Are you ever with a group of people, even people you are very close to, and you look up and all of them are on their phones? Or maybe you're behind in the conversation because you missed a snap or a post everyone is talking about? Have you ever been in the middle of a conversation with someone, and they are scrolling through Instagram only half-listening to you, and when you finish what you're saying they look up and ask what you said?

We live in a world of automation. Everything is at our fingertips. Why talk to your friend when you can have a conversation with billions of people over social media? Why talk to the person taking your coffee order when you can just tap a few buttons and have it ready on a shelf near the door? Everything is faster, more convenient, more entertaining.

But what we gain in efficiency we lose in other aspects of our life. Face-to-face communication is constituted of a series of snap chats. No one knows your order; there's no more putting a face to a coffee. No one knows anyone anymore. It's debatable whether we even know the people closest to us.

And getting on board with these changes is not a choice. It's a must. To keep up with your friends and family you too have to put our lives online. How else would anyone know where you're going to college, or who you're dating now? If you don't have social media, what are you doing? Is there something seriously wrong with you? Are you one of those people who is doing the whole living-off-the-grid thing?

We even risk offending people; not being constantly on your phone is grounds for rudeness. If you don't respond quickly enough, people will assume you don't like them or that you're not interested. Popularity isn't how many people you know but how many followers you have; it isn't how many people like you but how many likes you can get on your over-edited picture.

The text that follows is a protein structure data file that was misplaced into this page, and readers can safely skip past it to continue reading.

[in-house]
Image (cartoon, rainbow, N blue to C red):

There aresome positive aspects to technology. Social media allows us to connect with people around us or people who we aren't in close proximity to. Facetime and skype allows us to see people we don't see every day and we can communicate our feelings to our friends in a series of funny gifs. I also won't deny that I love the Dunkin Donuts Perks App just as much as the next girl. But it's when online connection starts replacing real life encounters that I wish we were a little quicker to draw the line.

Most days, I wish I lived in a world in which there was no technology, in which no one had a phone to hide behind. I wish everyone would just talk to me instead of to all the friends they have to text over the phone. I wish I could hear people's voices over the phones instead of read their texts; I wish phones were tethered to the wall instead of stowed in our pockets. I wish people would write letters to me when they had something important to say. I treasure all the letters anyone has ever written me.

I'm scared we are going to become too out of touch with the world around us. We're already in the process of transferring everything online; soon there will be nothing left. There are real problems happening around us and we have to lift our heads often enough to see what they actually are.

I'm scared that we'll not only lose touch with the world around us but also with our loved ones and even ourselves. We spend more time on our phones in a day than we do talking to our friends or family, even though we live with them. We put false representations of ourselves on social media in hopes of deceiving people around us that we lead perfect lives and let ourselves believe that everyone else is perfect, too.

I'm scared for my relationships and how others perceive me for not wanting to follow the way of the world today. I'm scared for where technology is going and where it will bring us. But above all, I'm scared that we're too far gone.

So when you can, talk to your friends. Order in the store instead of on your app. Call your mom instead of texting her. Seek connection in everyday life, seek life through little ways. Hold the door for people and smile at them when you can. Hold onto laughter and the moments that you feel alive, because those are moments you never find in your phone.